Tuesday, January 5, 2010

Inspiration, Julie Mehretu and Lichtenstein

About two months ago, a friend decided to commission me to create a piece for his living room. The holidays happened, and two months later, his living room wall is still bare. It is not for lack of trying however: I have visited several museums, researched artists and had serious pencil to paper brain storming sessions.

I recall a similar day - without benefactors - during my first year of art school. I was set upon the task of creating a collage of acrylic and ink. I remember how beautiful the inspiration was and how much I disliked my recreation. Looking back, the scale was completely off, and I had not yet learned how to use painters tape! Keep in mind, it was my first 'painting' created in color theory class. The inspiration came from works similar to Julie Mehretu. Until recently, her pieces had all but escaped my memory. SFMOMA brought them back.

I stood in front of her work in the SFMOMA for ten minutes; pen, moleskin and DSLR in hand. I attracted attention from both foreigners and guards. Why was this girl standing SO close to Julie's piece? Surely there must be something interesting she is examining.

I sat in front of Mehretu's piece examining her techniques, attempting to identify her inspiration and her process. Of course, this was explained in the little white caption floating on the wall, but its more fun to figure it out on your own. Her piece in the SF MOMA was inspired by architectural grade mylar, the lines that sit on them, and building plans... I saw weather patterns, topographical and city maps. I was, however, able to identify the materials use and her process.... and it now something I would like to attempt (again).

Another artist I have been contemplating gathering inspirations from has been Lichtenstein. Mehretu and Lichtenstein both share a quality of exactness and preparedness when creating their pieces. They are well thought out and executed with an incredibly high level of craftsman ship. My friend Sam is a computer programmer, it only makes sense I create something in his living room that is in line with his analytical thought process.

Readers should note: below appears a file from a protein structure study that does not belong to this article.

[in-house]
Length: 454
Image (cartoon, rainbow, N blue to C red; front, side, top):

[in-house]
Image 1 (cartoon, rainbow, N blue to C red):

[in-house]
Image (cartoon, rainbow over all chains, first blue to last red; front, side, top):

Saturday, January 2, 2010

The decade in review

Thinking about the new year....

Last Thursday, NYE, I was sitting at dinner discussing what great strides technology and science has made in the last ten years. Up to that point, I had been treating this NYE celebration just like any other. I had forgotten that we weren't just ringing in another year, we were ringing in another decade. Saying good bye to the past ten years and hello to the next decade, I think it is important to observe how far we have come since 2000.

For starters, Y2K did NOT happen, computers did reset themselves, and my mothers disaster relief kit is still sitting in our basement in Michigan. We did, however, experience Katrina, an event that we are still recovering from. Since 2005 designers have been pumping out innovative designs for disaster relief, ranging from prefab housing to water filters to temporary toilets.

In 2004 (the year I graduated from high school), the fashion and photography world lost the very influential Richard Avedon. In 2009, his photographs graced the walls of the SFMOMA, ranging from his early work as a child to his trend setting images of Twiggy to his digital photographs of Barack Obama when he was still the Senator of Illinois.

Speaking of Barack Obama, not only did the man inherit of one the worst economies we have seen since 1929, but he was the first black President. Part of his innovative campaign was to involve young voters, those who wanted 'change'. Never before have the youth been so engaged, never before has a presidential campaign been absorbed in popular media. Obama's face graced the shirts of thousands of tee's, posters, and his voice was even sampled into hip hop songs.

One event that will never escape anyone's memory are the attacks on the twin towers. Airport security has been redesigned, a color coded terrorism meter has been instated, and trips to the air port will never be the same. Everything now is 'travel sized', and many beauty retailers supply essential product kits that fit under the liquid air travel limit.

On a happier note, the i phone has changed people lives. A decade ago, wide spread touch technology was stuff of the future. Now, with the stroke of your finger, you can find the best restaurant in any city and, with the help of google maps, travel there as if you were a local. I dont want to dive too heavily into technology, but Google, Facebook, and Twitter are of note, as they have become life altering companies.

In my own life, I have graduated from middle school, high school, the University of Michigan, and got my first job out of college at the Clorox Company. Moving to San Francisco has been one of the best decisions I have made: I am in the heart of the technological movement, surrounded by creative minds, and live in the city rated #1 for love....

Happy New Year!